Caring for the Acadian Forest

So, you’ve hopefully found some useful advice on this site and now you’re the owner of a lovely piece of Nova Scotia land. If you’re fortunate or lucky enough, you’ve got acres and acres of it, with running streams, wildlife, and trees, trees, trees! If so, welcome to being a woodlot owner. You’re now accountable for an ecosystem, and a complex forest network that is vital to our lives. No pressure!

Personally, I’m a fairly new woodlot owner, and very new to forest management practices. But I’ve been soaking it up, and learning from some smart people, so I’ll share some things I’ve learned as well as some useful resources for Nova Scotia woodlot owners. I’ll share my experience getting a forest management plan created by a Nova Scotia forester, and I’ll talk about the income one can expect from sustainable timber harvesting.

But first, the obligatory shameful look at our cultural history! It’s a sad comment on our society that across Canada forests were once considered nothing but valuable timber commodities, and gruesome logging practices eradicated old-growth forests from coast to coast. In Nova Scotia, PEI, and New Brunswick, the predominant forest type is the Acadian forest – a diverse mix of over 30 native tree species. Today, less than 1% of original old-growth Acadian forest remains, making it one of the rarest forest types in North America. 

The Acadian Forest: Resources for Woodlot Owners

If you’d like to learn more about the various trees of the Acadian Forest, I’ll point you to a fantastic resource that I’ve come across. It’s called “Trees of the Acadian Forest” and it’s a linked PDF that allows you to look up and classify trees based on their characteristics. Whoever took the time to build this is badass – my hat’s off to you. I’ve used it more than once to identify a tree I was unfamiliar with, and it’s quite useful. You can download the file to your phone and use it in areas with no cell coverage.

Another useful resource, if you want to understand the general forest characteristics of an area in Nova Scotia, visit the Provincial Landscape Viewer. Click on the region you want to learn more about, and you’ll see an ecozone label. In my case “210 Cape Breton Highlands”. A quick Google search on that phrase turns up the detailed overview of that region.

An Important Topic for Woodlot Owners: Silviculture

If you’re considering how to manage a woodlot with some care for wildlife and the health of the forest ecosystem, you’re dabbling in silviculture. The US Forest Service defines silviculture as “the art and science of controlling the establishment, growth, composition, health, and quality of forests and woodlands to meet the diverse needs and values of landowners and society such as wildlife habitat, timber, water resources, restoration, and recreation on a sustainable basis.” So, rather than thinking “how much is all this timber worth?” you’re considering a sustainable approach to tending a tree stand, harvesting, and regeneration.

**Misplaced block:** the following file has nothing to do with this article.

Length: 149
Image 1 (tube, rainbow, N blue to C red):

If you’re thinking that all sounds a bit flaky, consider this: there are government support programs with funding available for silviculture treatments. Ah, NOW you’re interested…

Canada Forest Regions

Getting Started with Woodlot Management

A good first step, and a fairly easy one, is simply taking the time to walk your forest and know it well. It’s amazing what you’ll see when you stop and look. A meadow with a lot of new saplings might be new growth replacing an area ravaged by fire years ago, giving new species an opportunity to change the forest composition. You’ll see mature trees dominate light in some areas, leaving room only for their seeds to grow. You’ll notice how one stand of trees changes abruptly to another, and with some practice you can likely spot the landscape factors causing the transition such as shade or soil composition.  

That’s all good, but when you’re ready to get into harvesting practices and regeneration, you may want to call in a professional. I own a 100-acre lot in Cape Breton that is primarily forest, so my approach has been to work with a forester to create a forest management plan for that property, and learn as much as I can so that I can apply some of the practices to smaller parcels of land that I own. 

Joining a Woodlot Owners Association

As a woodlot owner, it can really help if you can leverage the expertise of others to manage your forest. That’s where a Woodlot Association can help. For my property in Cape Breton, I joined the Cape Breton Privateland Partnership (CBPP). For a small annual fee, this association will prepare detailed maps on your woodlot showing species, age, wildlife considerations, and much more. The maps are free, and as a next step you can obtain a forest management plan prepared by a forester for a highly discounted rate. I’ll dive into that later. 

If you’re looking for an association, or just some valuable information to help you manage your woodlot, see the section on resources for woodlot owners in Nova Scotia below.

Getting a Woodlot Assessment Report

Through my woodlot owners association, I can receive woodlot maps and reports, for free! Now, they tend to only offer this service for lots of 10 acres or more. I truly value these reports – for one thing, it will give you extremely high-quality satellite imagery of your property (from GIS mapping tools) with the property boundaries clearly shown. Furthermore, the files are delivered as geo-linked PDF files. Without getting too tech-y, the benefit of this is you can load these files into a free map reading application like Avenza maps, and when you walk the lot you will know your precise location, even when cellular service isn’t available. This has been a game-changer for a guy who has often found himself wandering large lots not entirely sure if I’ve stumbled into the neighbouring lot of a drunken hunter.